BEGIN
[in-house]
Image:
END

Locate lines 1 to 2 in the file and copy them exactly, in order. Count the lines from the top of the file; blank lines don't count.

[in-house]
Image: